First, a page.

Tuesday, 29 May 2007

BLW -- it's, like, totally the new trendy thing

No, honestly, look at me in there with a hot new trend. Unbelievable. Well, at least on the cusp. Look, anything's better than finding out five years after everyone else has got over it, all right? Are you looking at me?

Ahem. So, yes, for those of you who aren't totally hipped up daddy-o, BLW is baby-led weaning (some of you may want to turn off now, obviously). It's a new thing that's really an old thing, of course, but hey -- and (this is the good part) it is LESS WORK. Hear those cheers. Put out more flags. So instead of all that Karmelling around pureeing food into a gruesome mush, then spooning it into outsize ice-cube trays so as to defrost it in little bowls later, then in a few weeks doing special puree-with-lumps-in to get the infant used to textures, you simply bypass the whole process and give the baby things it can hold in its hands and put into its mouth. Anything it can't chew off with its gums, it can't eat. Simple, huh?

I found an excellent website with loads of info -- and wittily written too, which was nice. We started straight away. Banana would be the perfect food if only it didn't somehow spread itself over a baby from top of head to ankle (including the insides of ears, backs of knees and so on) and then set like concrete. I couldn't believe the first two bibs I pulled out of the washing machine still caked with the stuff. We've now dispensed with dainty little bibs and use old tea-towels fastened with a clothes peg at the back of the neck, and Sash still manages to get banana on any bit of ankle that might peep through.

It does wonders for their hand-eye co-ordination, too. And it is *such* fun to watch. Sash eating a banana is part porn, part slapstick, part gross-out. And it's great fun giving them new things: the first taste always prompts a huge pantomime-strength grimace, then by the third suck they've decided they love it. We've tried pineapple, mangetout, buttered toast, French beans, strawberries, Weetabix, unsalted bread sticks -- anything you can nibble a chunk of, really.

[Footnote - I wrote a huge article about it for Cambridge NCT magazine, if you'd like a copy.]

It finally happened (happened)

You remember that a friend told me that everyone drops their baby on its head at some stage? Eek! It finally happened. Poor Sasha was on the sofa and I was playing the piano with B, working out the tricky bit in 'Doe, a deer' (crossed-over fingers and everything -- by the way, does anyone remember that competition in The Independent to find a better line than 'La, a note to follow So'? Apparently on the grounds that if that lyric wasn't so feeble it would be the best song ever. The winning entry was 'La, it's Arabic for "No" '.) but completely forgot that I'd left Sash on the sofa, propped up between cushins - this is our fancy pancey new sofa, which is brown leather and not terribly infant-friendly. Next thing I know, there's a horrible clonk and the baby is on its back on our brick floor. Ohmygodohmygodohmygod but actually, the screams weren't even as loud as last night's NoIamNOTgoingtosleepEVEREVEREVER (full-throated, dial-turned-to-eleven yells and shrieks), so it was pretty obvious that no damage was done. It was a useful reminder, though, that my multitasking capacity is absolutely zero. I can barely walk at the same time as carrying a cup of tea.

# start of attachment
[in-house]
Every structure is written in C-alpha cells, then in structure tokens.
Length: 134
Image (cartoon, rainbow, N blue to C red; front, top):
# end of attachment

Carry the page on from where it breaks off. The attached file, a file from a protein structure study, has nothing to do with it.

Now I've typed my subject header I've got the rest of the song running through my head. (At least it'll get 'Do-re-me' out of there). My favourite line is 'I'm one wave short of a shipwreck'. Do you like Queen? I do, lots: I have a feeling they probably appeal to classical musicians. If you are one, give them a try. I played an organist friend of mine a few videos (she turned around wide-eyed after a few minutes of Freddie cavorting in a sequinned leotard and asked "Is that rock music, then?" -- so sweet) and then bought her the first greatest hits album for her birthday, and she got really into it.

Saturday, 19 May 2007

A nasty taste in the mouth

Have you ever read a book that lurks unpleasantly at the back of your mind through the next day, so that you feel grubby? The book was Wideacre, by Philippa Gregory. She seems to be quite a varied author: I've read a post-modern, feminist-slanted Mills & Boonish one of hers called Perfectly Correct; a thriller that didn't grab me at all; and several historical novels that seemd very well researched. The first was The Other Boleyn Girl, then The Queen's Fool, then The Virgin's Lover and The Constant Princess -- they seem to be coming thicker and faster, which does make me wonder whether they're as carefully researched as they seem to be. Anyway, last night's was a great doorstop of a thing: 622 pages of rollocking eighteenth-century nastiness.

The heroine wanted to go on living in her childhood home, and was prepared to do pretty much anything to achieve that. It just went on getting nastier and nastier. I read it in a single sitting, which I think compounded the effect, and it was also a first-person narrative, which I think made me feel more implicated. But it really was horrid. Fairly well written, too, which made me wonder why, with that sort of talent, you'd want to do this kind of thing. Anyway, yuck. I finished it at about four this morning, delibeately not looking at the time so I wouldn't know exactly how silly I'd been. Sasha was suitable confused by being woken up by Mummy instead of the other way round.

I knew I'd do something daft while A was away: staying up all night reading was rather predictable....He's in the US for a week, and set off last Tuesday (I think) at an ungodly hour, and did the half-hour walk to the railway station as getting the car somewhere it could be left for a week was just too horribly complicated. Sasha and I went along to help with the luggage and have a nice walk. This is the kind of thing that it simply wouldn't have occurred to me to do a few years ago. In fact, it's exactly the kind of thing A does: he seems to be just naturally nice. It's even rubbed off a bit: I feel he has upped my game. This is a real cherry on top of the icing on top of the chocolate of the relationship...